Right solution to unicode error?

wxjmfauth at gmail.com wxjmfauth at gmail.com
Thu Nov 8 20:30:37 CET 2012


Le jeudi 8 novembre 2012 19:32:14 UTC+1, Oscar Benjamin a écrit :
> On 8 November 2012 15:05,  <wxjmfauth at gmail.com> wrote:
> 
> > Le jeudi 8 novembre 2012 15:07:23 UTC+1, Oscar Benjamin a écrit :
> 
> >> On 8 November 2012 00:44, Oscar Benjamin <oscar.j.benjamin at gmail.com> wrote:
> 
> >> > On 7 November 2012 23:51, Andrew Berg <bahamutzero8825 at gmail.com> wrote:
> 
> >> >> On 2012.11.07 17:27, Oscar Benjamin wrote:
> 
> >>
> 
> >> >>> Are you using cmd.exe (standard Windows terminal)? If so, it does not
> 
> >> >>> support unicode
> 
> >>
> 
> >> >> Actually, it does. Code page 65001 is UTF-8. I know that doesn't help
> 
> >> >> the OP since Python versions below 3.3 don't support cp65001, but I
> 
> >> >> think it's important to point out that the Windows command line system
> 
> >> >> (it is not unique to cmd) does in fact support Unicode.
> 
> >>
> 
> >> > I have tried to use code page 65001 and it didn't work for me even if
> 
> >> > I did use a version of Python (possibly 3.3 alpha) that claimed to
> 
> >> > support it.
> 
> >>
> 
> >> I stand corrected. I've just checked and codepage 65001 does work in
> 
> >> cmd.exe (on this machine):
> 
> >>
> 
> >> O:\>chcp 65001
> 
> >> Active code page: 65001
> 
> >>
> 
> >> O:\>Q:\tools\Python33\python -c print('abc\u2013def')
> 
> >> abc-def
> 
> >>
> 
> >> O:\>Q:\tools\Python33\python -c print('\u03b1')
> 
> >> α
> 
> >>
> 
> >> It would be a lot better though if it just worked straight away
> 
> >> without me needing to set the code page (like the terminal in every
> 
> >> other OS I use).
> 
> >
> 
> > It *WORKS* straight away. The problem is that
> 
> > people do not wish to use unicode correctly
> 
> > (eg. Mulder's example).
> 
> > Read the point 1) and 4) in my previous post.
> 
> >
> 
> > Unicode and in general the coding of the characters
> 
> > have nothing to do with the os's or programming languages.
> 
> 
> 
> I don't know what you mean that it works "straight away".
> 
> 
> 
> The default code page on my machine is cp850.
> 
> 
> 
> O:\>chcp
> 
> Active code page: 850
> 
> 
> 
> cp850 doesn't understand utf-8. It just prints garbage:
> 
> 
> 
> O:\>Q:\tools\Python33\python -c "import sys;
> 
> sys.stdout.buffer.write('\u03b1\n'.encode('utf-8'))"
> 
> ╬▒
> 
> 
> 
> Using the correct encoding doesn't help:
> 
> 
> 
> O:\>Q:\tools\Python33\python -c "import sys;
> 
> sys.stdout.buffer.write('\u03b1\n'.encode('cp850'))"
> 
> Traceback (most recent call last):
> 
>   File "<string>", line 1, in <module>
> 
>   File "Q:\tools\Python33\lib\encodings\cp850.py", line 12, in encode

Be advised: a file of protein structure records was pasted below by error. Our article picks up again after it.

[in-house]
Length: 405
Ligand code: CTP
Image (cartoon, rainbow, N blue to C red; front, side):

> 
>     return codecs.charmap_encode(input,errors,encoding_map)
> 
> UnicodeEncodeError: 'charmap' codec can't encode character '\u03b1' in
> 
> position 0: character maps to
> 
>  <undefined>
> 
> 
> 
> O:\>Q:\tools\Python33\python -c "import sys;
> 
> sys.stdout.buffer.write('\u03b1\n'.encode(sys.stdout.en
> 
> coding))"
> 
> Traceback (most recent call last):
> 
>   File "<string>", line 1, in <module>
> 
>   File "Q:\tools\Python33\lib\encodings\cp850.py", line 12, in encode
> 
>     return codecs.charmap_encode(input,errors,encoding_map)
> 
> UnicodeEncodeError: 'charmap' codec can't encode character '\u03b1' in
> 
> position 0: character maps to
> 
>  <undefined>
> 
> 
> 
> If I want the other characters to work I need to change the code page:
> 
> 
> 
> O:\>chcp 65001
> 
> Active code page: 65001
> 
> 
> 
> O:\>Q:\tools\Python33\python -c "import sys;
> 
> sys.stdout.buffer.write('\u03b1\n'.encode('utf-8'))"
> 
> α
> 
> 
> 
> O:\>Q:\tools\Python33\python -c "import sys;
> 
> sys.stdout.buffer.write('\u03b1\n'.encode(sys.stdout.en
> 
> coding))"
> 
> α
> 
> 
> 
> 
> 
> Oscar

You are confusing two things. The coding of the
characters and the set of the characters (glyphes/graphemes)
of a coding scheme.

It is always possible to encode safely an unicode, but
the target coding may not contain the character.

Take a look at the output of this "special" interactive
interpreter" where the host coding (sys.stdout.encoding)
can be change on the fly.


>>> s = 'éléphant\u2013abc需'
>>> sys.stdout.encoding
'<unicode>'
>>> s
'éléphant–abc需'
>>> 
>>> sys.stdout.encoding = 'cp1252'
>>> s.encode('cp1252')
'éléphant–abc需'
>>> sys.stdout.encoding = 'cp850'
>>> s.encode('cp850')
Traceback (most recent call last):
  File "<eta last command>", line 1, in <module>
  File "C:\Python32\lib\encodings\cp850.py", line 12, in encode
    return codecs.charmap_encode(input,errors,encoding_map)
UnicodeEncodeError: 'charmap' codec can't encode character '\u2013'
in position 8: character maps to <undefined>
>>> # but
>>> s.encode('cp850', 'replace')
'éléphant?abcé??'
>>> 
>>> sys.stdout.encoding = 'utf-8'
>>> s
'éléphant–abc需'
>>> s.encode('utf-8')
'éléphant–abc需'
>>> 
>>> sys.stdout.encoding = 'utf-16-le'  <<<<<<<<<
>>> s
' é l é p h a n t  a b c é S ¬ '
>>> s.encode('utf-16-le')
'éléphant–abc需'

<<<<<<<<<<< some cheating here do to the mail system, it really looks like this.

jmf




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